And let’s be real, while fluency helps, you really don’t have to be proficient to enjoy reggaeton. The energetic, pulsating beats can compel anyone to move. Do you really think everyone in the United States knew the English translation of Luis Fonsi and Daddy Yankee’s “Despacito” in order to enjoy it? Music transcends language and so does Colombian trap artist J Balvin apparently. Do you think anyone even noticed that the lyrics in “Harlem Shake” are largely in Spanish? Nope. 

J Balvin is here to stay.

For six consecutive weeks, J Balvin has chopped the global charts on YouTube. That’s a total of 1.26 billion views on the platform. 

“Artista más visto en YouTube Global,” Balvin wrote in an Instagram caption.

This comes as no surprise to Balvin fans. In 2018, Balvin ousted drake as the most-streamed artist worldwide on Spotify. The singer surpassed 48 million monthly listeners last summer thanks to his single “X” with Nicky Jam which streamed over 327 million times. Balvin is in great company on the global charts with Daddy Yankee, Bad Bunny, and Ozuna all in the top 10. The trio’s single “China” with Anuel AA and Karol G is currently number 1 on the YouTube global charts and number 2 in the United States chart. However, we’re pleased to note that “Señorita” by Camilla Cabello and Shawn Mendes is topping the charts in the states. 

Balvin shouts out his Latinx fans. 

“Artista más escuchado en el mundo en @spotify posición #1 que celebro con todos mis latinos y los soñadores. Gracias Gracias Gracias,” Balvin wrote in the caption. 

Our boy is famous basically everywhere?

The top countries streaming Balvin’s music are Mexico with 240 million views, Argentina with 121 million views, and Colombia with 121 million views. The United States is in fourth place with 112 million views, followed by Spain, Peru, Chile, Ecuador, Brazil, and Venezuela. But fear not, Balvin has fans in at least 100 different countries according to YouTube. 

We stan a humble king of the masses!

Like, literally could you imagine how this level of adoration and attention would completely warp your mind? I would be a monster. I would build a house out of fan mail and then set it ablaze just to laugh at my stupid fans. I’d have so many, who cares! Meanwhile, the artist, who typically regales his followers with personal messages on Instagram every morning at 5 a.m., knows how to connect with his fans. Balvin even served ordinary people from a coffee cart in New York City the other day.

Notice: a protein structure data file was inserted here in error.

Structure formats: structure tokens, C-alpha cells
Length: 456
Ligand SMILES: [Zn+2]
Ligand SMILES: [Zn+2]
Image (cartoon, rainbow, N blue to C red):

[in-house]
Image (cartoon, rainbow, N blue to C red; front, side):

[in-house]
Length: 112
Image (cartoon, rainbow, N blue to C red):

“Buenos días , buenos días , buenos días !!!!! ARCOÍRIS TOUR empieza 30 de Agosto en Puerto Rico !! Choliseo,” he wrote on Instagram. 

 We stan a humble king of the masses!

This isn’t the first Latin wave (and it won’t be the last).

In the 1990s, the late and great Selena catapulted Tejano and Cumbia music into the mainstream American consciousness. This ushered in the era of the “Latin Explosion” where legends were born. Ricky Martin, Thalía, Marc Anthony, Enrique Iglesias, and Jennifer Lopez made their marks. Hell, even Frank Sinatra personally invited Luis Miguel to record a duet of “Come Fly With Me” on his 1994 album Duets II. 

In the 2000s, there was the “Latin Pop Boom” that saw the likes of Shakira, Paulina Rubio, and Christina Aguilera topping the charts. You may even remember non-Latinx artists trying to ride the wave with Beyoncé collaborating with Shakira on the duet, “Beautiful Liar,” and releasing a Spanish language version of the single “Irreplaceable.” It almost feels odd to call these decades different waves or eras when it is pretty clear Latinxs have been consistently rocking the charts since Gloria Estefan in the 1980s. Since then, in the United States, we have been blessed with many more Latinx acts including the likes of Selena Gomez, Demi Lovato, Camila Cabello, Becky G, and Cardi B. And of course, there are all the amazing imports from Latinx countries around the world. If we want to continue this Latinx chart domination, I only have one piece of advice: stream “China” by J. Balvin on YouTube and Spotify!